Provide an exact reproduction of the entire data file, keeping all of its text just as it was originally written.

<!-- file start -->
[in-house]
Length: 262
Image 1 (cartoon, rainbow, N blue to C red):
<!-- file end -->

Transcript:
[in-house]
Length: 262
Image 1 (cartoon, rainbow, N blue to C red):